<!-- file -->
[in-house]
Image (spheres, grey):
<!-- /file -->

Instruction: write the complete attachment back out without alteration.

[in-house]
Image (spheres, grey):